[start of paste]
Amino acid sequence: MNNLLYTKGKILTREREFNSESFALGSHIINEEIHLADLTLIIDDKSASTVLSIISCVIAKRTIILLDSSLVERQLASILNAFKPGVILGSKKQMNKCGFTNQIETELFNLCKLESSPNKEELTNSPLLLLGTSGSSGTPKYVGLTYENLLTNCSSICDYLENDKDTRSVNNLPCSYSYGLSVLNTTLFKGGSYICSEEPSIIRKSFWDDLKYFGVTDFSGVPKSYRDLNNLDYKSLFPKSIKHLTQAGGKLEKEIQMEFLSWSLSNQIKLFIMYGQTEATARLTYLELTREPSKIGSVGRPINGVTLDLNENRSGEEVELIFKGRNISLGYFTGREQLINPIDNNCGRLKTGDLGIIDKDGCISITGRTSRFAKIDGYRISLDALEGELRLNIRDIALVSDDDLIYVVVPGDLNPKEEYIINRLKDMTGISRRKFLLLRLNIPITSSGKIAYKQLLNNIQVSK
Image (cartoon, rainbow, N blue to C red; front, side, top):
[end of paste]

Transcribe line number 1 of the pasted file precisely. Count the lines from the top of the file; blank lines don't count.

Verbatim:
Amino acid sequence: MNNLLYTKGKILTREREFNSESFALGSHIINEEIHLADLTLIIDDKSASTVLSIISCVIAKRTIILLDSSLVERQLASILNAFKPGVILGSKKQMNKCGFTNQIETELFNLCKLESSPNKEELTNSPLLLLGTSGSSGTPKYVGLTYENLLTNCSSICDYLENDKDTRSVNNLPCSYSYGLSVLNTTLFKGGSYICSEEPSIIRKSFWDDLKYFGVTDFSGVPKSYRDLNNLDYKSLFPKSIKHLTQAGGKLEKEIQMEFLSWSLSNQIKLFIMYGQTEATARLTYLELTREPSKIGSVGRPINGVTLDLNENRSGEEVELIFKGRNISLGYFTGREQLINPIDNNCGRLKTGDLGIIDKDGCISITGRTSRFAKIDGYRISLDALEGELRLNIRDIALVSDDDLIYVVVPGDLNPKEEYIINRLKDMTGISRRKFLLLRLNIPITSSGKIAYKQLLNNIQVSK